Kitchell Contractors recognizes that its business goes far beyond building infrastructure in Southern Nevada. At Kitchell, building the community is just as important, as is demonstrated by the company’s recent commitment to building and expanding some of Southern Nevada’s most prestigious hospitals. “To be able to witness our efforts benefiting the community is great,” said Bob Wallace, vice president and division manager of Kitchell. “It offers a great deal of satisfaction for us as a corporation.”
This can be evidenced in the contracting company’s most recently secured projects. Kitchell will start this summer on the building of San Martin Hospital at Warm Springs Road and Durango Drive, which will serve as a sister hospital to St. Rose Dominican. Kitchell has already started on the Southern Hills Hospital at Sunset and Fort Apache roads. The combined construction cost for both projects nears $150 million.
“We solicit hospital work because it is considered tougher than normal,” Wallace said. “If you can build a hospital, you can build anything. The type of subcontractors who work on hospitals are higher quality, and they really know their business.”
Just about anywhere you look in the Las Vegas Valley, you can see Kitchell’s mark. This is especially true when it comes to the Southern Nevada healthcare system. Kitchell completed expansions at MountainView Hospital in 1995 and 1998; it built St. Rose Dominican Hospital’s Siena campus in 1999; and the company has held a long-valued relationship with Sunrise Hospital and Medical Center. In 1979 it built Sunrise’s Women’s Pavilion, the North Tower Medical Office building and new parking garages. Later this year, Kitchell plans to carry out a $45 million expansion of the Women’s Pavilion and the Sunrise Children’s Hospital. “The nature of the work lends itself to good construction management and good technique,” Wallace said. “It brings out the best in all of us.”
But hospital work isn’t the only type of Las Vegas construction project in which Kitchell has been involved. It built Neonopolis, the Del Webb Anthem corporate headquarters and the prestigious Grant Sawyer state office building. It also built the Rampart Commons retail center and the elaborate Las Vegas Paiute golf clubhouse.
Kitchell’s origins can be found in Phoenix, where the company is headquartered. It has offices throughout the western United States and in Mexico. The company is a $500 million privately-owned enterprise headed by president Mark Pendleton.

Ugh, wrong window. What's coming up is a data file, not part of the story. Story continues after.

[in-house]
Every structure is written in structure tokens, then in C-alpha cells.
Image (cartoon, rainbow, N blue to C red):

Although the company has had a contractor’s license in Nevada since the early 1950s, it wasn’t until 1992 that Kitchell established a fully-staffed division office in Las Vegas. “We’d come to Las Vegas, do a project, then leave when it was completed,” Wallace said. “But in the late ’80s, we realized we wanted to be a part of the community.”
Kitchell’s work in building hospitals has garnered numerous awards, including its current ranking as one of the nation’s 15 largest healthcare construction managers by Modern Healthcare magazine. Wallace said building hospitals brings with it some special challenges. Many of its projects involve expansions, which means undertaking building responsibilities while minimizing the impact on daily operations. “We have to keep the doctors in business,” Wallace said.
The business of building hospitals is also an ever-changing endeavor. Technology has become part of the contracting equation, and Kitchell views itself as leading the technology curve. “We are using a lot of laser beams to ensure levelness,” Wallace said. “Mechanical and electrical systems are also getting more and more sophisticated.” Wallace said the company no longer uses just exterior stucco. It uses a special exterior skin system on its hospitals that incorporates insulation material with a stucco finish to guarantee the most efficient insulation possible.
The Nevada Contractors Association named Kitchell its Contractor of the Year for 2002.